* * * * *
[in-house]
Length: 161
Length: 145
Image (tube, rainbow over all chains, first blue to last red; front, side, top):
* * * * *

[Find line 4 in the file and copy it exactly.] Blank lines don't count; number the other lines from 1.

Image (tube, rainbow over all chains, first blue to last red; front, side, top):